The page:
The Gearins, as a family, were scattered throughout the hills of eastern Ohio, between East Liverpool and Youngstown, and in another direction, to Steubenville. Their prominence, which was not based in finances but in long tenure, dated back to the late 1700s, which I suppose made them eligible to be Daughters and Sons of the Revolution, and perhaps some of them had joined.
I dated Ronda, the athletic blonde one, for a while — she was about three years younger than I — and later performed her marriage ceremony to Myron Jones, thus reaffirming that there were no hard feelings to our parting. I believe that Mary Gearin, from whom I learned the lesson I share today, was Ronda’s great-great aunt. Or, maybe great grandmother.
This was the lesson, learned from Mary when she was 95; you never expect to bury the next generation. There is no shock like burying son, daughter, stepchild, or I suppose nephew or niece. That lesson was reaffirmed this week, with the shock of burying my stepson, Gregory.
Mary’s daughter, Marie Allmon (the Allmons were another old line family) was 75 years old; her husband George was 78. To me, in my mid-twenties at the time, those ages seemed ancient.Now, they seem merely middle aged. More to the point, both Marie and George had cancer, and seemed in a race to see who would die first. Marie did.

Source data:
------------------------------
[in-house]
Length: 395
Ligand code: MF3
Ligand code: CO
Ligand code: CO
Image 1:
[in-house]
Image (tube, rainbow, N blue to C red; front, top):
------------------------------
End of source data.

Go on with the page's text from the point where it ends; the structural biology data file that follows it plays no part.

Out of consideration for Ronda, and at her request, I went to visit Mary, and learned then the previously mentioned lesson. My logical mind told me, Marie was 75 years old, and a cancer patient — this in the mid-1980’s, when cancer was still, far more often than now, a death sentence.
I had sense enough not to intrude my logical mind into the conversation, though, as Mary reminisced with me about raising her five children, and how, as a parent, you never expect to bury your children.That was the aspect that stuck in my mind.
You don’t digest the reality all at one time. It is safe to say that we have not digested the reality, only in part. You accept that you will bury your parents, most likely. You know that there is about a fifty fifty chance you will bury your spouse, and your siblings. You do not expect to bury the next generation.
You make mistakes. A few days ago, a friend who was near us for the past week, mentioned that he was running late because he was fetching a load of 100-pound feed bales. Without thinking, I said “ I’ll call Greg; he’ll come help you load them.”
Most of us have made similar blunders, near the death of a loved one.
I did not know my stepson when he was little. I did, however, walk through the trials and challenges of late teens and young adulthood with him. I was not the perfect stepfather; only St. Joseph can ever claim to have been! But I hope I was the best I could be. Among the gifts he left to us, were two incredible grandchildren.
It will be quite a while before I will remember not to say “ Hey Greg, come put this together; I can’t figure it out.” or “Hey Greg, make my phone do- (whatever).” or “Hey, I can’t lift this by myself; get up and help me move it.” It will be weird to enter the house and not see The Food Channel, left on in the living room by a young man who watched it during his lunch break.
You never expect it to be this way. I guess, as Mary said 25-plus years ago, you learn to deal with it, by dealing with it.
Clyde Davis is a Presbyterian pastor and teacher at Clovis Christian High School. He can be contacted at: